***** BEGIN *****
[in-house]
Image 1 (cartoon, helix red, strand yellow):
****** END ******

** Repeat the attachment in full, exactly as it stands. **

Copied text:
[in-house]
Image 1 (cartoon, helix red, strand yellow):